Improve Your Negotiations With The 5 Golden Rules.   LEARN THEM

Thousands of fans sat on pins and needles as negotiators met late into the night trying to avert the ninth work stoppage in baseball history.

And they succeeded. “Who succeeded?” you ask. The owners? The players? Neither? Or both?

In my opinion, there were only two clear winners in this negotiation – the fans and the game itself. For everyone else, only time will tell if a) the owners achieved a more competitive balance and put a bit of a lid on players’ salaries, and/or b) the players staved off a drastic flattening of their superstars’ salaries and kept a significant number of jobs.

Before I go further, though, I must note that I was not involved in any way in these negotiations. So I have no inside knowledge of what occurred other than what I read in the press.

But it’s quite clear what happened negotiation-wise. Let’s analyze it.

First, this was a classic competitive negotiation. Neither side trusted the other due to their acrimonious history and strained relationships. Zero-sum financial issues also abounded – meaning, for example, one dollar more for the players’ side was perceived to mean one dollar less in owners’ pockets.

And highly competitive individuals knocked heads against other highly competitive individuals, many of whom had healthy egos and a strong desire to “win” and beat the other side.

Second, leverage dominated these negotiations. Rhetoric notwithstanding, both sides really needed a deal. And neither appeared willing to risk another strike and the devastation likely to occur in its aftermath. After all, baseball generated $3.5 billion in revenue in 2001, and players’ salaries averaged $2.38 million. These are not insignificant sums at risk.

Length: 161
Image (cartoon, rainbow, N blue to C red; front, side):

Wait a second, you might say. This is easy enough to state after they settled. Isn’t this the ultimate Monday morning quarterbacking?

Yes, except for one overriding leverage-related fact: Baseball attendance still has not fully recovered from the players’ 232-day 1994 strike and the first cancellation of the World Series in 90 years. This was the real leverage pushing both sides to a deal, and these cards were in the hands of the fans. What do I mean?

The fans, loudly and increasingly as the strike date approached, voiced their opinion that a 2002 baseball strike would drive them away in droves. This alternative to an agreement – and the obvious damage to the owners and players that would result from it – proved extraordinarily powerful.

Philadelphia Phillies Manager Larry Bowa perhaps stated this best. As someone who has lived through all eight work stoppages as a player, coach and manager, he said, “There’s definitely public pressure (to get a deal done) – more than I’ve ever seen.”

Texas Rangers pitcher Jeff Zimmerman also put this in stark terms, stating “We’ve lost enough fans over the last seven, eight years. We can’t afford to lose any more.” This was the big reason the players’ finally made significant concessions.

The third critical element in this negotiation? The owners – and especially commissioner Bud Selig – engineered an effective public relations effort that largely turned the public against the players and helped them sympathize with the owners.

Of course, this is relative. I’m not suggesting that the public largely agreed with the owners. I don’t know if this is true or not. But I do know that public opinion, in these negotiations, appeared more sympathetic to the owners than the players.

This form of objective criteria, possible loss of reputation and fan support, put pressure on the players to compromise. And they did.

Finally, both sides used overt agenda-control tactics to attempt to gain the strategic advantage. The players, for instance, set a strike date of Aug. 30 in order to create a sense of urgency and ratchet up the pressure.

It did. It is no coincidence that concessions on both sides increased as the strike date approached. Nor is it a coincidence that the parties literally reached an agreement just a few hours before the deadline.

I don’t know if this agreement will get baseball back on track long-term. But it did keep them on the field.

And for that, we can thank the fans for successfully pressuring both sides to sign on the dotted line.
Published September 6, 2002 The Business Journal

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